Beho Beho Bushblog – Walter – 19th June

Walter Jubber

Another season has begun, with the Selous looking fresh and vibrant, with different shades of green. The Leonotis are flowering with their bright orange flowers which resemble either lion paws or lion tails, which have contributed to both common names been named after these shapes. The aloes all around camp are also showing off their red, orange and yellow drooping flowers, as the Scarlet-chested Sunbirds dart to and from the aloe flowers, lapping up the sweet nectar, with their tongues and long curved beaks, which are artfully stuck into the flowers to reach the sweet honey pot at the end.

 

A watchful pair of African Hawk Eagle’s, have been gracing the skies above Beho Beho, searching for guineafowl or an isolated Red-necked Spurfowl to be their next shared meal, as they co-operatively hunt as a monogamous pair.

Butterflies of all shapes, sizes and colours are fluttering past and around the flowers. Some small and delicately patterned, as the blues, hairtails and pies. Others with orange tips on their yellow wings, called Orange and Lemons, or Autumn leaf Vagrants, amongst white species, like Brown-veined whites, African Vagrants and African Migrants, creating fairy landscapes as you drive through the riverine habitats. And if you’re lucky you may see a Large striped Swordtail, or even a splendidly coloured, African Sunset Moth, as it graces the skies by day, with its wings showing off the colours of the setting African sun.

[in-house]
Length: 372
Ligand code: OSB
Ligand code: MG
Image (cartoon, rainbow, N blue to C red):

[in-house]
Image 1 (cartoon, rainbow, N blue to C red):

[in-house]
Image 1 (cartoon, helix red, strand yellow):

The wild dogs have been seen, and actually the other day in front of camp. The evenings have been a mixed chorus, with Guttural toads croaking, as the coughing or wood sawing call of the leopard can be heard in the valley below, and the whaling sound of hippo, with you listening carefully to the lions roars in the background, to finish the concert, and sounding off the new season.

Large-striped Swordtail, African vagrants and brown-veined whites

Anthene sp

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